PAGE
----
Read Full Story The parasite responsible for a form of malaria now spreading from macaques to humans in South Asia could evolve to infect humans more efficiently, a step towards enhanced transmission between humans, according to a new study from Harvard T.H. Chan School of Public Health. The researchers say that defining the means by which the Plasmodium knowlesi parasite invades red blood cells could lead to interventions to prevent emergence of the zoonosis into the human population.The researchers identified a sugar variant on the surface of human red blood cells that currently limits the ability of P. knowlesi to invade, and demonstrated that the monkey malaria parasite has the ability to evolve to get around this barrier and pass into the human population in a more virulent form.The study will appear online April 4, 2016 in Nature Communications.“With increasing concern about the spread of P. knowlesi into human populations, it is great to be able to gain insight into what the molecular stumbling blocks are for P. knowlesi infection of humans, and how the parasite can potentially overcome them,” said first author Selasi Dankwa, who carried out the work while a doctoral student in the Department of Immunology and Infectious Diseases at the Harvard Chan School.The macaque malaria parasite P. knowlesi has emerged as a major source of human infections in Southeast Asia, as the monkey’s habitats are encroached upon through logging and farming. While most human infections are mild, increasing numbers of severe infections are being reported.
Your outdoor news for March 21, 2013:New Routes Go Up in the New River GorgeIn a great post on DPM Climbing, Mike Williams reports that new trad routes are going up in the New River Gorge. Focusing on popular Thunder Buttress of Beauty Mountain, Williams tells the tale of how Pat Goodman claimed the first ascent of Gun Control, a variation off of the established Gun Club. It’s great to see new things being done in a place like the New, where folks have been climbing since the 80’s; refreshing to know that there still remains undiscovered and unconquered territory out there. One of the things I love about climbing pieces is the names of the routes. Some highlights from this post are: The Thundering Herd, The Golden Bullet, In Gold Blood, and That’s What She Said. I also love stories written by climbers for all the climbing jargon and especially this one because it tells the story of a first ascent through the history of the place and the lives of the people who climb it.Snowboarding Industry SummitSo reports from this winter indicate that the snowboard industry is in decline, while the ski industry is ticking up, meaning that young peoples in general are picking up skiing and sticking with it longer than snowboarding. When those in the industry learned this, some flew off the handle, but most took the news calmly enough even if they were tearing out their eyeballs in private about the death of snowboarding AS WE KNOW IT! A decline in snowboarding interest is especially important on the East Coast where the sport has traditionally been as popular – if not more popular- than skiing because it was cool and different. But now that the two styles/attitudes/punks have leaked into each discipline, the lines are blurred and snowboarding is losing out. The leaders of the industry met in Deer Valley last week at the TransWorld Conference to hash out what the sport has to do to keep growing and stop retracting. This was no emergency Situation Room type of thing – it happens every year – but the emphasis this year was definitely on the sport as a whole and not just the brands behind the curtain. We’ll see what the big players come up with next season to reflect this trend. This past season we saw Burton launch a huge “Learn to Ride” program for the kids, so expect more of that. Get ’em hooked young.You can read the full recap of the conference here.Public Support for Keystone WaningAccording to a new poll for the Center of Biological Diversity by Public Policy Polling, 61 percent of those who voted for President Obama in the last election would be “disappointed” or “betrayed” if he goes ahead with the Keystone XL Pipeline. Almost 75 percent of the general public thought the Keystone XL is not in the U.S.’s “best interest.” Plenty more numbers in this story from the Sierra Club.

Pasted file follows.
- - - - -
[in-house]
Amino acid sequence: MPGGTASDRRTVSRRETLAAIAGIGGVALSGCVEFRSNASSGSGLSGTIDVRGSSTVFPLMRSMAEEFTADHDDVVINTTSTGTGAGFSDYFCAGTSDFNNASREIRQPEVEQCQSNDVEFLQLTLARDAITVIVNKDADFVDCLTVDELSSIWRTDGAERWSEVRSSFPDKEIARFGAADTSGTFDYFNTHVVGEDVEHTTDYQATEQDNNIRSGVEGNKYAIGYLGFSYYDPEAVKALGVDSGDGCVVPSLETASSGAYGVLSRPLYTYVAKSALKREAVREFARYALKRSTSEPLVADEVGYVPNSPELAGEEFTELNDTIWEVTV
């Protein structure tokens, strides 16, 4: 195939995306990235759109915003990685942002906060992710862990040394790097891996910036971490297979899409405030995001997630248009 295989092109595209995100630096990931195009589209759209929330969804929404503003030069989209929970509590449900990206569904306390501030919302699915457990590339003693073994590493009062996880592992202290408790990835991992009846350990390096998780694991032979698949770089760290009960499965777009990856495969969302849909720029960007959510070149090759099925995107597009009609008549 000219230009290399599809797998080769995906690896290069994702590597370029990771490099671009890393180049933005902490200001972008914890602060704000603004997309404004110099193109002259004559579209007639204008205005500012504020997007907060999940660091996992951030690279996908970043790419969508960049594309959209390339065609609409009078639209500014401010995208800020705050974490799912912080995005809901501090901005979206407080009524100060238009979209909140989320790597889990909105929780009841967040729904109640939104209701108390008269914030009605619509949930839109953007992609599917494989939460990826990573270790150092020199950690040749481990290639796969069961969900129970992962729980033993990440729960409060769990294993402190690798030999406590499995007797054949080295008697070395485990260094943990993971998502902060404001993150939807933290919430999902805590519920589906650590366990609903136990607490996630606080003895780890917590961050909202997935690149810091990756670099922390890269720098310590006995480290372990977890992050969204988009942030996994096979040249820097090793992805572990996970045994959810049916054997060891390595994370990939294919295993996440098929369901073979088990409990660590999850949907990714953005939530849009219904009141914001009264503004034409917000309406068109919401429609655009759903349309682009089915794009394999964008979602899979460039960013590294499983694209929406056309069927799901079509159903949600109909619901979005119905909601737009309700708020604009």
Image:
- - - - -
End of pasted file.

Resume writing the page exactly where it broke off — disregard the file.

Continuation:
Sign up for our COVID-19 newsletter to stay up-to-date on the latest coronavirus news throughout New York An ex-fugitive has admitted to fatally shooting a 50-year-old Setauket man who was a well-known equestrian and wounding another victim last year before leading authorities on a cross-country manhunt.Brett Knight pleaded guilty Wednesday at Suffolk County court to second-degree murder, attempted murder, harassment and criminal possession of a weapon.Authorities have said that the 46-year-old gunned down Ross Reisner and seriously wounded Kevin Murray after firing gunshots through the window of Reisner’s Upper Sheep Pasture Road home at 8:45 p.m. on Sept. 24, 2013.Two handguns were recovered from the scene, authorities said at the time.Knight fled Long Island after the shooting on a motorcycle, but federal investigators apprehended him a month later in Seymour, Tenn., which is just south of Knoxville.He will be sentenced Feb. 4 by Judge Richard Ambro.